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Engineering graduate went from leading bands to guiding rockets

May 16, 2016 - By Kim Delker

To say Christopher DeGraw took a slightly different path to becoming an engineer would be an understatement.

The Connecticut native earned a bachelor's in music education and a master's in musicology (from Ithaca College and the University of Limerick in Ireland, respectively), then was an elementary and middle school band teacher in Connecticut and Las Vegas, Nevada, for nearly a decade before deciding to pursue an engineering degree at age 33.

This month, he will receive a bachelor’s degree in mechanical engineering from The University of New Mexico.

He said he always had twin interests in music and engineering, dreaming of working for NASA, but just happened to choose music first. A variety of factors caused him to change course and move to New Mexico to attend UNM.

Because it was such a big move — both literally, from Nevada, and figuratively, in terms of changing careers — DeGraw moved alone to Albuquerque for a year to make sure his plan was academically and financially feasible. After a year, wife Mary Louise moved here, leaving her job as an orchestra teacher to take a similar route of pursuing a chemical engineering degree at UNM.

Though he said he was significantly older than many of his classmates, DeGraw said he feels that the added experience he brought to his studies was beneficial. And perhaps his extra experience made the engineering coursework not as challenging.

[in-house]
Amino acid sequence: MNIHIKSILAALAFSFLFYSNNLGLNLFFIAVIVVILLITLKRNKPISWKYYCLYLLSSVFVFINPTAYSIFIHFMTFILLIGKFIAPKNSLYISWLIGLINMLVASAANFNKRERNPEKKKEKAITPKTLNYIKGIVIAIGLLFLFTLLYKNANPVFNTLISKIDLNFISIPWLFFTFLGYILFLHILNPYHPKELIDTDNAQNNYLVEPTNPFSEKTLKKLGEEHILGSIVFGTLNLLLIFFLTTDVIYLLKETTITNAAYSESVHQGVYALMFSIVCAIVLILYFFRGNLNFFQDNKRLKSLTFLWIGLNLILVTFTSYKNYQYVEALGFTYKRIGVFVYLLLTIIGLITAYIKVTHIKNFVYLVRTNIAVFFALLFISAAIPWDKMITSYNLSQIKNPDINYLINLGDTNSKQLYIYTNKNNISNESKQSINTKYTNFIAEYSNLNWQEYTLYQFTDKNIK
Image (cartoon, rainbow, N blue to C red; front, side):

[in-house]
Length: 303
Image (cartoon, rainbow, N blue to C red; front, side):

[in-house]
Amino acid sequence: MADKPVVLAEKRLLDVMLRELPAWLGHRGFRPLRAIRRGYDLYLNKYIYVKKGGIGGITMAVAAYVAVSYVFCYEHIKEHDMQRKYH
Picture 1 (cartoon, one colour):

"The music school curriculum was just as hard as engineering," he said. "In fact, it might even be harder. I almost got kicked out of music school because I wasn’t considered good enough."

Even though DeGraw has been busy with engineering coursework the last few years, he still enjoys music as a hobby, including singing and playing a variety of instruments.

While a student, DeGraw has also been working in rocketry at Sandia National Laboratories while also working as a tutor and teaching assistant at UNM. In the fall, he will head to Georgia Tech to earn a master's degree in aerospace, planning to return to his position at Sandia afterward. Though he took an unconventional path to becoming an engineer, DeGraw says that his story might serve as an inspiration to others who are looking to launch a career change. "You’re never too old. It's never too late," he said.